The BLS reported blowout jobs numbers on Friday. The headline number rose 304,000. That is the seasonally adjusted (SA) artistic impressionism version. We here at Sure Money like the actual numbers, not seasonally adjusted (NSA). It’s easy to see the trend visually, and we can quantify by comparing the month to month trend with the same month in the past 10 years. We can add a check of the momentum of the annual rate of change.
January is always the biggest month for job losses as holiday workers get laid off. This January was no exception, as 2.98 million jobs disappeared. How that turned into a gain of 304,000 is one of the great mysteries of seasonal adjustment. The 304,000 number blew out economists’ estimates and looks absolutely boffo. However, the number wasn’t appreciably different than anything that has been going on for the past 7 years, as you can see below.
Look at this chart and see why the Fed’s new policy is still a de facto autopilot.
The monthly change of -2.98 million wasn’t materially different than the January 10-year average of -2.95 million. It certainly was not a “boffo” number. It was better than January 2018, when 3.1 billion jobs were lost in January. It was worse than the loss of 2.88 million jobs in January 2017.
The year to year change was a gain of 1.9%. There’s been slight acceleration over the past year. The annual growth rate has risen slowly by steadily from 1.4% in January 2018.
The key point here is that it calls into question the motivation for the Fed’s policy capitulation this week.
Did the Fed really capitulate this week? It certainly knew that good jobs numbers were coming. Its about face on the issue of the balance sheet normalization program being on autopilot seems to have been purely in reaction to the threat of a resumption of the stock market meltdown.
But the Fed’s statement said that any changes in the rate of the balance sheet shrinkage, or even starting QE anew, are contingent on things going haywire in the stock market and the economy.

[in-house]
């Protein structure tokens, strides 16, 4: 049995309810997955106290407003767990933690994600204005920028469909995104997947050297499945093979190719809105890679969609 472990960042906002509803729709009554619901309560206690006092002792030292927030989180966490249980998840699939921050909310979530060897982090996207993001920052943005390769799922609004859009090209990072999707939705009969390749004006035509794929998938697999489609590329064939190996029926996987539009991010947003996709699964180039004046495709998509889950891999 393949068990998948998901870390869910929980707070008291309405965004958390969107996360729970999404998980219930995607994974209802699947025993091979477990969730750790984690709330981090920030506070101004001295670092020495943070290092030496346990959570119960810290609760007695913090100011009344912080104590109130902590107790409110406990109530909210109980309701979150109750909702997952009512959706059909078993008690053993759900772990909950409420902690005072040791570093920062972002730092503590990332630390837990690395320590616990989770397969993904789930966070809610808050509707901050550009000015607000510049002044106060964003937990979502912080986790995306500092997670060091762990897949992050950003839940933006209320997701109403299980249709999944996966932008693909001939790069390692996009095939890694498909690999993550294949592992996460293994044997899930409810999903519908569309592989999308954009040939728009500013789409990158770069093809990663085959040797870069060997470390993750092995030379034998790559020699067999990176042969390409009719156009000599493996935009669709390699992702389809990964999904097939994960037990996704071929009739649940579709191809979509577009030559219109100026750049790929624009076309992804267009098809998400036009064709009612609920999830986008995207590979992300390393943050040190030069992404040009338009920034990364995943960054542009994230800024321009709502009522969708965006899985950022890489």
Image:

It seems to me that the Fed was merely stating openly what we already knew-that it would print money after the crisis, not before. First come the meltdown and economic contraction, then the New QE.
With the economy moving along swimmingly, and the stock market still in meltup mode the Fed has no reason to slow the pace of balance sheet shrinkage. And therein lies the problem for stocks and bonds.
I suspect that the trouble will show up first in the bond market. The yield on the 10 year US Treasury has probably already bottomed. There’s a key trendline at 2.73% today (27.30 on this chart). A daily close above that trendline would suggest that another upleg in yields is under way.
As long as the 10 year yield stays below that line, bonds would be a hold, but if there’s a daily close above it, that would be a sell signal, and I’d roll that cash into 13 week T-bills to wait out the next bear leg in the bond market.
Meanwhile, the stock market has blown through one target area that I posted last week and has taken a bead on the second bullseye around 2740-50. If you are holding SPY calls, I would use the sharp uptrend line connecting the January lows as the sell trigger. If the market closes below that line on any day next week, I would take profits on those calls and go to the sideline to await further clarity on the next likely tradable swing.
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